Bill Bowerman and Phil Knight founded Nike Inc. as Blue Ribbon Sports in 1962. The partners began their relationship at the University of Oregon where Bowerman was Knight’s track and field coach. While attending Stanford University, Knight wrote a paper about breaking the German dominance of the U. S. athletic shoe industry with low-priced Japanese shoes. In an attempt to realize his theory, Knight visited Japan and engineered an agreement with the Onitsuka Tiger company, a manufacturer of quality athletic shoes, to be their sole distributor in the United States.
In 1962, Knight received the first shipment of 200 pairs of Tiger shoes to his parent’s garage in Oregon. The shoes were bought by Blue Ribbon Sports (BRS), the name of the partnership between Knight and Bowerman that they formed with only $1,000 in capital. Knight peddled Tiger’s shoes at local track meets grossing $8,000 of sales in their first year. In 1966, Bowerman, who had previously designed shoes for his university athletes, worked with Tiger to design the Cortez running shoe. The shoe was a worldwide success for the Onitsuka Tiger Company and was sold at the first BRS store.
In 1971, BRS, with creditor support, started manufacturing their own line of shoes. Later that year, the first BRS shoe was introduced. The shoe was a soccer shoe that bore the Nike brand name, referring to the Greek Goddess of Victory, and the Swoosh trademark. A student designed the Swoosh trademark for a paltry fee of $35. The Swoosh was meant to symbolize a wing of the Greek Goddess. 1972 marked the breakup of the BRS/Tiger relationship. BRS soon changed its name to Nike, Inc. and debuted itself at the 1972 Olympic trials.
In 1973, Steve Prefontaine was the first prominent track star to wear Nike shoes. The late 70’s and early 80’s also saw John McEnroe, Carl Lewis, and Joan Benoit sporting Nike shoes. Nike popularity grew so much that in 1979 they claimed 50% of the U. S. running market. A year later with 2,700 employees, Nike went public selling 2 million shares on the New York Stock Exchange. The 1980’s were marked by the signing of Michael Jordan as a product spokesperson, revenues in excess of $1 billion, the formation of Nike International Ltd. and the “Just Do It” campaign. Nike also expanded its product line to include specialty apparel for a variety of sports. In 1990, Nike surpassed the $2 billion mark in consolidated revenue with 5,300 employees worldwide. In addition, we opened the Nike World Campus in Beaverton, Oregon. In 1991, Nike pushed revenues to $3 billion, up from $2 billion the prior year. This mark would continue to grow throughout the 90’s, with revenues in 1999 reaching $8. 8 billion. These revenues grew based on improvements in shoe technology and successful marketing campaigns.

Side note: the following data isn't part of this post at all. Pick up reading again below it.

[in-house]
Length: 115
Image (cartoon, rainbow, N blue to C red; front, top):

International revenues fueled a great portion of this growth with an 80% increase in 1991 from the prior year. In 1992 international revenues topped $1 billion for the first time and accounted for over one-third of our total revenues. Such growth continued throughout the 1990’s as we continued to focus our marketing efforts on major sporting events like the World Cup, and the next generation of celebrity endorsers, such as Tiger Woods, Lance Armstrong, and the players of women’s professional basketball (WNBA). At the end of the 90’s, Nike’s goal, as stated in our company web site, is to become a truly global brand.